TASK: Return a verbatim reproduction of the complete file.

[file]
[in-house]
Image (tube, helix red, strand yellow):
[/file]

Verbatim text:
[in-house]
Image (tube, helix red, strand yellow):